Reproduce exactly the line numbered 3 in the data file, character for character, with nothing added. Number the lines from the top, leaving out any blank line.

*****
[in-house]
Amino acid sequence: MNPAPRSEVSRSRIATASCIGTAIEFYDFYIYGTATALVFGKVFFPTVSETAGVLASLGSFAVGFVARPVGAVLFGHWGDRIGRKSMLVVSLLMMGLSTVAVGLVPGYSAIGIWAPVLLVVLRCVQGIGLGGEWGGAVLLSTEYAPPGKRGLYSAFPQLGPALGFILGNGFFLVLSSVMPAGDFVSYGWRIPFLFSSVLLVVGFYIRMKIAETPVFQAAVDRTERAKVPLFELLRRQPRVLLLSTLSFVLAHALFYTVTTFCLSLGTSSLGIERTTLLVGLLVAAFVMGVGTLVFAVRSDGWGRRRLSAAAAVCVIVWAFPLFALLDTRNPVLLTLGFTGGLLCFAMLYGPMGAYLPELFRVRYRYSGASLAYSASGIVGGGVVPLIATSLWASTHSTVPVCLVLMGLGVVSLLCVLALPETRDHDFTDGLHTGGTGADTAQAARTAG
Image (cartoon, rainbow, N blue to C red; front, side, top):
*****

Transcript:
Image (cartoon, rainbow, N blue to C red; front, side, top):